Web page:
DEAR GOOD SENSE EATING
I'm a single dad with child custody on the weekends.
How can I feed my children well?
If your children are old enough, they can help you draw up plans
for the weekend meals. Take them to the grocery store, then share
in some simple meal prep. Doing things together can be fun and
you'll be teaching them valuable life skills.
Like many contemporary fathers, Kirk Christensen not only brings
home the figurative bacon, but cooks it, too. The Naperville father
of two enjoys cooking whenever he can, although it's often limited
to grilling outside on the weekends.
Much has been written about mothers' influence on their
children's eating styles, but what about the dads? Studies suggest
that fathers have a major influence on their children's eating
habits and nutritional status.
While mothers traditionally had the primary responsibility for
shopping and cooking, fathers are increasingly pulling their own
weight. In a 2008 study published by the Journal for Specialists in
Pediatric Nursing, 65 percent of dads said meal preparation and
shopping was done by mothers or shared equally between the mothers
and fathers. Twenty-four percent of the dads reported that the meal
preparations were their primary responsibility and 14 percent share
the chore equally with their wives. In the same study, 24 percent
of dads had the primary grocery shopping responsibilities for their
Parenting style can also impact nutrition status. In a 2006
study in Obesity, fathers influenced their daughters' weight. Those
with highly controlling fathers had a higher percentage of body
fat. In a 2007 Australian study, fathers who placed no limits on
their children, or who were not engaged in their upbringing, were
more likely to have overweight children than fathers with a more
Elmhurst dietitian David Grotto, president of Nutrition
Housecall, LLC, says dads play a special role in forming their
children's eating habits. Dads may not always be cooking up a storm
or take main responsibility for the grocery shopping, but they can
serve as a positive role model for their children when it comes to
eating right. Yet, according to the USDA, the majority of fathers
fall short in their fruit and vegetable eating. Why? It's not the
cost, but because they don't care for them.
Grotto, who has three tween daughters, suggests fathers praise
mom's cooking and eat it with a smile. He notes, "If dad won't eat
it, the kids might not either." Grotto points to ways dads can
model enjoying meals in just the right amounts. "Slow and steady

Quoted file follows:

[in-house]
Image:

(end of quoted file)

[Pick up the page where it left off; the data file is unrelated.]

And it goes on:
wins the race. Assuring kids that there is plenty of food to go
around and they won't 'starve to death' when eating slowly, is a
great life-long lesson." He adds that fathers can also send a
strong message about eating until you are just about full-but not
In some households, Mom stresses the nutrition and Dad
reluctantly goes along with it. This is somewhat true in the
Christensen household. Kirk Christensen relates that, at times, his
wife sneaks healthy veggies, such as zucchini, into sauces. "I'll
give her the eye as if to ask, 'This is a squash sauce, isn't
If dads don't cook and they are "home alone" charged with
feeding the brood, they often turn to less than stellar options.
Grotto suggests these tips for cooking-challenged fathers:
Eating behaviors and food choices established in childhood often
significantly track into adulthood. We cannot underestimate the
roles of fathers on their child's current and future eating
Christine M. Palumbo is a Naperville-based dietitian and mother
of three. She loves it when her husband cooks, but positively
swoons when he cleans up afterward. She can be reached at (630)
369-8495 or [email protected]
Prep time: 5 minutes
Puree the watermelon in a blender.
Pour the puree into a pitcher and mix in the sparkling
Add the orange and strawberries and let sit until ready to
Add ice just before serving. Makes 6 servings
Nutrition facts:36 calories, 0 fat, 0
cholesterol, 0 sodium, 10 grams carbohydrates, 1 gram fiber, 1 gram
Excerpted from 101 Optimal Life Foods by David Grotto, RD, LDN
Copyright © 2009 by David Grotto. Excerpted by permission of
Bantam, a division of Random House Inc. All rights reserved.
Christine M. Palumbo is a Naperville-based dietitian and
mother of three. She loves it when her husband cooks, but
positively swoons when he cleans up afterward. She can be reached
at (630) 369-8495 or ChristinePalumbo.com.
Christine M. Palumbo, RD, is a nutritionist living in Naperville.
See more of Christine's stories here.
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